Much has been written about RUVBL1. It is a transcriptional cofactor with ATPase and helicase activities , a binding partner of β-catenin , an essential nuclear cofactor for c-MYC oncogenicity , and an essential regulator in pre-TCR signaling during T cell development . Further, it regulates β-catenin-mediated malignant transformation and T-cell factor target gene induction via functions on chromatin remodeling , and, as a constituent of chromatin modification complexes, may facilitate the access of repair machinery to DNA-damaged sites . It has been proposed that interaction of RUVBL1/Reptin with transcription-related factors may be important for the initial localization of these factors to acetylated promoter regions . Working with a leukemia model, Breig et al.  found that RUVBL1 is needed for cell proliferation rather than cell survival. Others have reported increased expression of RUVBL1 in advanced (as compared with early stage) diffuse large B cell lymphomas , but BCL6 expression was not studied. We did not observe this phenomenon in our study, but the number of tumors that we studied is small.
We previously described other targets of the BCL6 repressive effects that can induce apoptosis, e.g., the programmed cell death-2 gene and the integral membrane 2B gene , , . Similarly, Jha et al. suggested that RUVBL1 is required for p53-mediated pathways of apoptosis following DNA damage . However, Bereshchenko et al.  showed that, in the mouse, embryonic stem cells and hematopoietic tissues contain high expression of RUVBL1, which is essential for early murine embryogenesis and adult hematopoiesis. Conditional ablation of RUVBL1 in hematopoietic tissues led to bone marrow failure, and studies indicated that this included the loss of hematopoietic stem cells via apoptosis. They postulate that inhibition of RUVBL1 expression may inhibit tumor growth and induce apoptosis in cancer cells. Finally, Taniue et al.  found that RUVBL1 binds to the p53 promoter, repressing its transcription, and blocks p53-mediated apoptosis in a human colon cancer cell line. As with BCL6, whether apoptosis is induced or inhibited by RUVBL1 may depend on its cellular context and expression level .
We have presented the following findings in a B lymphoma cell line which support the notion that RUVBL1 is a target of BCL6 repression: subtractive hybridization, using a dominant negative system in which the BCL6 repressive effects were inhibited, followed by Northern blotting, indicated differential expression of RUVBL1; in transient transfection assays the full-length BCL6 protein led to significant repression (6.8-fold) from the BCL6 consensus binding site in the promoter of RUVBL1 as compared with a truncated control that cannot bind DNA (although, as mentioned, we cannot exclude the possibility that the transfected BCL6 protein may be driving an intermediary transcription factor); knockdown of the BCL6 protein by siRNAs increases expression of the endogenous RUVBL1 protein; and ChIP assays showed that the BCL6 protein is likely part of a complex that is bound to the promoter region of RUVBL1 in vivo. It has been reported previously that the BCL6 protein interacts with several corepressors, e.g., N-CoR, SMRT, mSIN3A, BCoR, and it is thought that the repressive effects of BCL6 are mediated through multiprotein repression complexes , , .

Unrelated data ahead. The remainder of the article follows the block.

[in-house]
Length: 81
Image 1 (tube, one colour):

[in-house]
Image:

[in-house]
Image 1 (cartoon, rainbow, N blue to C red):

We did not observe an inverse relationship between BCL6 and RUVBL1 within the germinal centers of human tonsils, but expression of RUVBL1 was more prominent in follicular mantle cells than BCL6, though the degree of RUVBL1 staining in this area was variable. In human lymphomas that did not express BCL6, RUVBL1 expression was high, and in some BCL6-negative lymphomas that showed focal BCL6 expression, we could identify RUVBL1-negative areas where BCL6 expression was noted. All of the lymphomas studied expressed RUVBL1, and in both T and B cell tumors RUVBL1 expression was greater than that of BCL6 in the majority of the tumors studied (Table 1), although in two B cell tumors the reverse was true. Studies performed in the BJAB cell line and transient transfection assays indicate a repressive effect of BCL6 on its RUVBL1 target. However, in lymphoma tissues, multiple factors may modulate their respective expression. Others  have reported that recruitment of RUVBL1/Reptin complexes is a common phenomenon in cancer and, at least one mechanism by which this occurs is via accumulation of the transcription factor E2f1. Thus, it is possible that the high expression of RUVBL1 we observed in most of the lymphomas that we studied is a secondary phenomenon, following its recruitment by this protein or by other proteins or mechanisms that have not yet been identified.
The importance of ATPase/helicase motifs has been shown for several cofactors that function in transcription . Bauer et al.  postulate that the role of RUVBL1 may be to unwind nuclear duplexes, a step known to be essential for transcription initiation. As BCL6 is a transcriptional repressor, its relationship with RUVBL1 is likely to be relevant at the transcriptional level, with effects on additional downstream events that are yet to be ascertained. The potential risks of prolonged RUVBL1 inhibition (e.g., secondary to the repressive effects of BCL6), which led to enhanced cancer progression in a murine model of hepatocellular carcinoma  (see Introduction) may be relevant also to lymphomagenesis. As in the case of Notch , regulation of gene expression by BCL6 is likely to encompass complex interactions involving co-activators, cooperating transcription factors, chromatin regulators, and other factors. How these are coordinated to control the effects of transcription, including the interactions between activator and repressor complexes, is not known. An understanding of the relationship between BCL6 and RUVBL1 during lymphomagenesis requires further investigation, which may provide insights for the development of new molecular tools for the targeted treatment of lymphomas.
We thank Dr J. Turner for the use of his cell culture facilities, luminometer, and sonicator, Dr L. Shen (Turner laboratory) for helpful discussions, and D. Kane (Hematopathology Laboratory) for BCL6 immunohistochemistry. This work was supported by the Department of Pathology and The University of Chicago Cancer Center Support Grant P30 CA014599 (to B.W.B.).
Appendix ATransparency document associated with this article can be found in the online version at doi:10.1016/j.bbrep.2016.02.006.